This category includes Skeleton, LESS Framework 4 and so on…

Layout-only frameworks

This is actually my personal favorite category. I prefer to start with a blank screen and a layout system at the ready, which allows me to create the kind of website I want without having to overwrite a lot of CSS, or try to extract specific parts of any given framework. 

UI element frameworks

These frameworks, for the most part, don’t seem to concern themselves with layout or page structure. They are designed to provide an easy way to add fancy, mobile-compatible application interface elements (read: widgets). 

I’ve only ever tested one, but my research says that the three best (or at least, most popular) frameworks in this category are jQuery Mobile, KendoUI, and Wijmo.

Embrace accessibility

It turns out that accessibility is not just for the color-blind or the completely blind. A lot of the older mobile browsers are so limited in capabilities that it’s pretty much like browsing with all CSS and Javascript turned off. 

Your best bet, in this case, is to make absolutely certain that your website is usable under these conditions. Turn all of those pretty things off, and make sure that it’s still possible for users to achieve the website’s goals without them.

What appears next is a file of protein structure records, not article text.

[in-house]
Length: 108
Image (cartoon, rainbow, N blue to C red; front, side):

Use emulators

Device emulators usually aren’t one hundred percent accurate, but you can test the most important things, like layout and so on. Bugs I’ve encountered are often smaller things, like web fonts not rendering. Don’t worry, they should work just fine on the actual hardware.

But which emulators should you be using? 

Android SDK

This one works a bit slowly, but it works like a charm. You have to download the entire developer kit, but it’s well worth having a program that closely imitates not only the Android default browser, but the entire OS. Additionally, you can test your site on a variety of virtual devices”.

Opera mobile emulator

Another one that works basically as advertised. You download it, pick your device” and go.

Firefox options

Firefox has several options for testing your mobile content. The first is a simple emulator that mimics the rendering functionality of Mozilla’s mobile Firefox project, codename: Fennec.

It’s not overly complicated, providing you with a simple, resizable window, so it’s up to you to manually set the screen size you want to test.